Energy consumption may become smart thanks to new renewable plan

25-04-2022 | By Robin Mitchell

A joint plan being launched by major energy companies and the start-up Granular will allow customers to see what times renewable energy generation is at its highest while offering lower rates at these times. Why are modern smart meters not smart, how will the new plan work, and how will this allow for the creation of truly smart devices and meters?

Why smart meters are not smart

This is not the first time here at Electropages where we have moaned about how smart meters are being advertised incorrectly and that they are far from being smart devices. Generally speaking, a device is considered smart if it can react intelligently to data in real-time time and has some form of network capability. For example, a smart AC system would set the temperature based on the current use of a room, who is in the room, and the preference of the individuals. Furthermore, it would be able to control the temperature on predicted use, and such predictions would come from user behaviour and plans.

While Smart Meters are connected to the internet, their ability to be smart doesn’t go beyond reporting data back to the homeowner via a fancy display and the current usage to the utility supplier. Such devices do not connect to other devices across a local network to determine the best time to consume electricity and control devices, nor do they make spending decisions based on the current tariff rate. At the end of the day, the average “smart meter” is just a digital meter that can be viewed in the kitchen or bedroom.

Joint plan will help customers see when renewable energy is available

One of renewable energy’s most significant challenges by far is that its availability is extremely volatile, and there is no way of storing unused energy for later use. For example, a very windy day will see wind energy peak, and this peak can very quickly be far more than the current energy demand. At this moment, the energy that could otherwise be put to use is being wasted, and there is no existing mechanism that allows consumers to detect this overproduction of energy.

Another challenge with energy is the rising costs of gas and oil due to COVID, inflation, and the Ukraine war. The energy delivered to consumers could be entirely from renewable energy, yet consumers will be charged a fixed rate based on the price of oil and gas. Thus, significant savings from using renewable energy are not being passed on to consumers.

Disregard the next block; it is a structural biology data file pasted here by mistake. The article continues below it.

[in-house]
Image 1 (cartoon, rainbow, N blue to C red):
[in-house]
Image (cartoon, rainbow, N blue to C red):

To address these challenges, a new start-up company called Granular has teamed up with major energy suppliers, including the National Grid and Elexon, to install a system that shows consumers the current availability of renewable energy. Furthermore, consumers who use power during times of excess energy production from renewables will be able to do so at a discounted rate.

The idea is that by showing consumers when energy is at its cheapest in real-time, consumers will try to shift their energy usage during these peak times, reducing the overall electrical load when energy is mostly coming from fossil fuels. Thus, not only can consumers save money, but companies trying to demonstrate their carbon-neutral practices can more easily do so.

How will live renewable reporting help to create truly smart meters?

If consumers can be informed in real-time of when renewable energy is available, then so can smart meters. If combined with a small battery storage solution and networked devices around the home, a smart meter could make spending decisions for consumers entirely on its own to try and minimise energy bills.

For example, a homeowner could fill their washing machine and set the washing machine to clean when signalled to do so. While away from home, the smart meter detects that energy production has peaked and engages the washing machine automatically. By the time the homeowner returns home, the washing is done, and their bill has been minimised.

Another example would be the use of electric storage heating. When energy production is at its highest, the smart meter can signal storage heaters to start operating. This heat can then be easily released into the home during the night where it is needed the most, and this will help reduce the cost of bills.

It is clear that smart meters could be made to do so much more, and the ability to see when energy is at its cheapest in real-time can help reduce reliance on fossil fuels while making the most of renewables.


By Robin Mitchell

Robin Mitchell is an electronic engineer who has been involved in electronics since the age of 13. After completing a BEng at the University of Warwick, Robin moved into the field of online content creation, developing articles, news pieces, and projects aimed at professionals and makers alike. Currently, Robin runs a small electronics business, MitchElectronics, which produces educational kits and resources.